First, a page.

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Little T was finally approved for the California Children's Services Medical Therapy Program a California government program that provides Occupational and Physical therapy free of charge to children from birth to 21. We received an offical CCS card.

I wish I'd known about CCS when I was a child. But then I might not gotten services anyway. It was a royal pain to get approved. His hospital sent the original request in October. And we've only been approved, several more steps away from actual therapy. Even though Little T clearly qualifies, his diagnosis didn't fit their standard list. I kept calling and Little T's OT did as well. Finally CCS reopened the case and then approved him.

I took a negotiations class at Haas. The skills I've learned are invaluable in dealing with government agencies like Early Start or CCS, or even sclerotic customer service organizations. I used the methods described below to get a full cash refund from Fry's on a laptop that I had opened and returned after the deadline.

  1. 1. I keep a record of names, numbers and times. Otherwise they all get confused in my mind.

  2. When I talk to someone, I address them by name. I'm always polite but persistent. I need help and I tell them why. My voice has a tone of urgency and concern. That person has the power of information or is a gatekeeper. I want to give them the satisfaction of helping me. Most people get pleasure from helping someone who's appreciative. And I've found that polite requests for help are rarely refused.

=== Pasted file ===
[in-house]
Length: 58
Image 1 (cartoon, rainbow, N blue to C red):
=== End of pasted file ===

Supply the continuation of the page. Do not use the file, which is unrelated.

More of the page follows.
3. If the person can't help me, I ask for the name and number of someone who can. I don't end the conversation until a)I've either gotten the answer I need, or b)a date to call back to get the answer I need, or c)the name of a person who is supposed to give me the answer.

For Early Start and CCS in particular, here's what I did.
  1. I made a request by calling their main number.

  2. In week or two, the government agency is supposed to send me a letter with a case manager who's evaluating his eligibility.
  3. I hadn't received the letter in two weeks, so I called and asked if he had an application open.

  4. I carefully read all the documents I've given. Often government agencies are required by law to do certain things which is outlined in one of the documents. The document is often faded with tiny type.

  5. I called the case manager and introduced myself.

  6. I used the method I described above to go through all the steps needed to get treatment for Little T.
    1. Evaluation interview or review of medical records
    2. Approval
    3. Referral to an agency who will provide the services
    4. Agency assigns a person who will actually treat Little T
    5. Person makes first apt to see Little T

After 4 months and numerous calls to Early Start, they sent a wonderful therapist to our house. The scheduler initially gave us an initial evaluation interview that would have pushed things out too far past the 45 day deadline. I said "I read in the Patients Rights and Responsibilities that the IFSP must be completed with 45 days of the referral. If I have the interview two days before the deadline, that doesn't give enough time to complete the IFSP, does it?" She said no, but this was the date she had. I asked who managed the schedule and she gave me the name of her supervisor. I called and got an earlier time.

And now you know one of the many reasons I don't work outside the home. It's a job in itself to get services for Little T and manage his appointments.

Do you have any tips for dealing with government agencies? Please comment here.